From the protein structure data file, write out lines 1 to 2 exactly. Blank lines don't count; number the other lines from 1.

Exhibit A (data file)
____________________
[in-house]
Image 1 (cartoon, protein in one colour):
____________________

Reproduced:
[in-house]
Image 1 (cartoon, protein in one colour):